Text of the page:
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Major Wars Of 20th Century
South Yemen Coup
Years 1986 1986 Battle deaths 10,000 The earlier history of this region can be found at the entry for Hadhramaut. British influence increased among the traditional sultanates in the south and eastern portion of Yemen, historically known as the Hadhramaut after the British captured the port of Aden in 1839. It was ruled as part of British India until 1937, when Aden was made a crown colony with the remaining land designated as east Aden and west Aden protectorates. By 1965, most of the tribal states within the protectorates and the Aden colony proper had joined to form the British sponsored Federation of South Arabia. In 1965, two rival nationalist groups the Front for the Liberation of Occupied South Yemen (FLOSY) and the National Liberation Front (NLF) turned to terrorism in their struggle to control the country. In 1967, in the face of uncontrollable violence, British troops began withdrawing, Federation rule collapsed, and NLF elements took control after eliminating their FLOSY rivals. South Arabia, including Aden, was declared independent on November 30, 1967, and was renamed the Peoples Republic of South Yemen. In June 1969, a radical wing of the Marxist NLF gained power and changed the countrys name on December 1, 1970, to the Peoples Democratic Republic of Yemen (PDRY). In the PDRY, all political parties were amalgamated into the Yemeni Socialist Party (YSP), which became the only legal party. The PDRY established close ties with the Soviet Union, Red China, Cuba, and radical Palestinians.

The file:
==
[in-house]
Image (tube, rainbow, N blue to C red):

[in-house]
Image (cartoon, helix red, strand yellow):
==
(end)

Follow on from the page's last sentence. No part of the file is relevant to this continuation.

Republic of YemenAlthough the governments of the PDRY and the YAR declared that they approved a future union in 1972, little progress was made toward unification, and relations were often strained. In 1979, simmering tensions led to fighting, which was only resolved after Arab League mediation. The goal of unity was reaffirmed by the northern and southern heads of state during a summit meeting in Kuwait in March 1979. However, that same year the PDRY began sponsoring an insurgency against the YAR. In April 1980, PDRY President Abdul Fattah Ismail resigned and went into exile. His successor, Ali Nasir Muhammad, took a less interventionist stance toward both the YAR and neighboring Oman. On January 13, 1986, a violent struggle began in Aden between Ali Nasir Muhammad and the returned Abdul Fattah Ismail and their supporters. Fighting lasted for more than a month and resulted in thousands of casualties, Ali Nasirs ouster, and Ismails death. Some 60,000 persons, including Ali Nasir and his supporters, fled to the YAR.In May 1988, the YAR and PDRY governments came to an understanding that considerably reduced tensions including agreement to renew discussions concerning unification, to establish a joint oil exploration area along their undefined border, to demilitarize the border, and to allow Yemenis unrestricted border passage on the basis of only a national identification card.In November 1989, the leaders of the YAR (Ali Abdullah Saleh) and the PDRY (Ali Salim al Baidh) agreed on a draft unity constitution originally drawn up in 1981. The Republic of Yemen (ROY) was declared on May 22, 1990. Saleh became President, and al Baidh became Vice President.